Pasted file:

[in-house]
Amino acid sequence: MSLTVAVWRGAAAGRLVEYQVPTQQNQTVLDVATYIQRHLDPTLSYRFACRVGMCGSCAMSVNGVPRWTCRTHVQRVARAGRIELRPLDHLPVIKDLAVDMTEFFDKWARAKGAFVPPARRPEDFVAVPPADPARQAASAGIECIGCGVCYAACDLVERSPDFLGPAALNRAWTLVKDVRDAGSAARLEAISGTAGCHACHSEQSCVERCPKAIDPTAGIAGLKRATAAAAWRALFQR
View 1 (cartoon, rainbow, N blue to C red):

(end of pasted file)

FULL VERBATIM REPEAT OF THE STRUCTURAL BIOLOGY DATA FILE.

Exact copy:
[in-house]
Amino acid sequence: MSLTVAVWRGAAAGRLVEYQVPTQQNQTVLDVATYIQRHLDPTLSYRFACRVGMCGSCAMSVNGVPRWTCRTHVQRVARAGRIELRPLDHLPVIKDLAVDMTEFFDKWARAKGAFVPPARRPEDFVAVPPADPARQAASAGIECIGCGVCYAACDLVERSPDFLGPAALNRAWTLVKDVRDAGSAARLEAISGTAGCHACHSEQSCVERCPKAIDPTAGIAGLKRATAAAAWRALFQR
View 1 (cartoon, rainbow, N blue to C red):